Town Meeting Day One Wrap-Up

Jason Graziadei •

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The first day of Nantucket's 2023 Nantucket Annual Meeting is in the books. Here's our reporters' notebook on the votes taken and other observations from day one. 

Article 62: A citizen petition submitted by Nantucket Land Council executive director Emily Molden sought to close what she referred to as a "loophole" in Nantucket's zoning bylaw that allows subdivision of preexisting, non-conforming lots, as long as structures were present prior to the enactment of the town's zoning bylaw. Molden's petition earned a majority of the vote - 268 to 142 - but failed to secure the necessary two-thirds vote for passage. The Land Council had stated the existing bylaw gets "exploited to inappropriately develop nonconforming lots which our zoning bylaw says should not be possible." The Planning Board had moved not to adopt the article, saying it required further study.

Article 61: a citizen petition sponsored by island resident Linda Williams that sought to define home rentals in Nantucket's zoning code to ensure they are allowed in residential zoning districts was defeated. The vote: Yes: 185, No: 495.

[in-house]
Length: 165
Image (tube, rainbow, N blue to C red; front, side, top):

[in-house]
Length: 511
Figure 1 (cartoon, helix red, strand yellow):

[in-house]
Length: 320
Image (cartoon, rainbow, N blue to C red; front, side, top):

Article 60: After a lengthy debate on what was the most anticipated proposal at Town Meeting - Article 60 - voters defeated the proposed regulations on short-term rentals. The vote was: Yes: 378, No: 558. Read our full story on the debate here. 

Article 59, another citizen petition from Linda Williams to clarify the zoning code by removing the word "expressly" with respect to allowed uses in zoning districts, was defeated. Williams effort was meant to codify short-term and long-term rentals as allowed uses. The vote was: Yes: 476, No: 293, but it required a two-thirds vote. 

Article 40, a zoning bylaw amendment, had been proposed to close a potential loophole in the zoning code that allows so-called "fractional ownership" of island homes, such as what the corporation Pacaso is pursuing on Meadow Lane. But both the Planning Board and Finance Committee moved not to adopt the article, stating: "Due to the on-going short-term rental discussion and the scheduled 2023 Special Town Meeting scheduled on November 7th, the Planning Board determined that this matter should be deferred until it can be discussed with other related articles." Island resident Anne Dewez's offered a motion to approve the zoning bylaw amendment, stating it was an opportunity to address the "multi-headed hydra that is the corporate takeover of Nantucket real estate." A majority of voters - 415 to 313 - approved her motion, but it did not earn the required two-thirds threshold and was defeated.

Article 36: Diane Coomb's citizen petition to create a new independent HDC administrator position was defeated. The vote was: Yes: 244, No: 457.

Article 35: In light of the passage of Article 18, Arthur Reade moved to withdraw his call of his citizen petition - Article 35 -  that sought to allocate two-thirds of Nantucket's room occupancy tax for affordable housing initiatives. The Finance Committee's motion not to adopt the article was then approved: Yes: 381, No. 87.